The Banu Hilal later came under the rule of various subsequent Berber dynasties, including the Almohad Caliphate, Hafsid dynasty, Zayyanid dynasty and Marinid dynasty. Finding their continued presence intolerable, the Almohad Caliphate defeated the Banu Hilal in the Battle of Setif and forced many of them to leave Tunisia and settle in Morocco. Upon the arrival of the Turks, the Banu Hilal rose against the Ottoman Empire in the Aurès region and south Algeria.

Social organizationEdit

Originally, the Banu Hilal embraced a nomadic lifestyle, rearing cattle and sheep. Despite several tribes living in arid and desert areas, they became experts in the field of agriculture. The Banu Hilal embrace the Maliki school of Sunni Islam and are conservative, though the vast majority of the population does embrace Sunni Islam. Initially Shia, after their conquest of the Sunni Maghreb majority of Banu Hilal converted to the Maliki school of Sunni Islam. Other tribes Arabized the Berbers to a considerable extent in Algeria, where intermarriage occurred frequently during their shared history.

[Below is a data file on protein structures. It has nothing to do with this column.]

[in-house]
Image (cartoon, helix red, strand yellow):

Taghribat Banu HilalEdit

The accounts and records that the folk poet Abdul Rahman al-Abnudi gathered from the bards of Upper Egypt culminated in the Taghribat Bani Hilal, an Arab epic describing the journey of the tribe from Arabia to the Maghreb. The tale is divided into three main cycles. The first two bring together unfolding events in Arabia and other countries of the east, while the third, called Taghriba (march west), recounts the migration of the Banu Hilal to North Africa.[7]

ReferencesEdit

  1. ^ a b c d e f g h i Idris 1971, p. 385.
  2. ^ Baadj 2015, pp. 24–25.
  3. ^ a b Baadj 2015, p. 24.
  4. ^ Idris El Hareir, Ravane Mbaye. The Spread of Islam Throughout the World. UNESCO. p. 409.
  5. ^ The Great Mosque of Tlemcen, MuslimHeritage.com
  6. ^ Populations Crises and Population Cycles Archived May 27, 2013, at the Wayback Machine, Claire Russell and W. M. S. Russell
  7. ^ Musique et spectacle: Le théâtre lyrique arabe - Esquisse d'un itinéraire... Par Mohamed Garfi, p. 38.

SourcesEdit